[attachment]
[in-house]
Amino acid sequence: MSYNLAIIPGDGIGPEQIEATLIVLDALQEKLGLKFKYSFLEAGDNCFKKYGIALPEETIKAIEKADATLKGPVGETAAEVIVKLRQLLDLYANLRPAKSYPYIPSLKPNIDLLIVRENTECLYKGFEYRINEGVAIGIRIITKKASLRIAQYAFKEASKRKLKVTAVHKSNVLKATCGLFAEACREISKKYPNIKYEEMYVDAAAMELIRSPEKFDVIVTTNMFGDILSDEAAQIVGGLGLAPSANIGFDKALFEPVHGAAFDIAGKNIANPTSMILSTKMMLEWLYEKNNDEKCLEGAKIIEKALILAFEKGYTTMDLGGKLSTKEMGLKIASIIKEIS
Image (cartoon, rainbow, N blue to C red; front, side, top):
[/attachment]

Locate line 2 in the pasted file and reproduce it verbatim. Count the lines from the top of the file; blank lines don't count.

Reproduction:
Amino acid sequence: MSYNLAIIPGDGIGPEQIEATLIVLDALQEKLGLKFKYSFLEAGDNCFKKYGIALPEETIKAIEKADATLKGPVGETAAEVIVKLRQLLDLYANLRPAKSYPYIPSLKPNIDLLIVRENTECLYKGFEYRINEGVAIGIRIITKKASLRIAQYAFKEASKRKLKVTAVHKSNVLKATCGLFAEACREISKKYPNIKYEEMYVDAAAMELIRSPEKFDVIVTTNMFGDILSDEAAQIVGGLGLAPSANIGFDKALFEPVHGAAFDIAGKNIANPTSMILSTKMMLEWLYEKNNDEKCLEGAKIIEKALILAFEKGYTTMDLGGKLSTKEMGLKIASIIKEIS